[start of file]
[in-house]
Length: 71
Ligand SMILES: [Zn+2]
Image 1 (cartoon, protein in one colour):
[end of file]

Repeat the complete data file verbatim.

[in-house]
Length: 71
Ligand SMILES: [Zn+2]
Image 1 (cartoon, protein in one colour):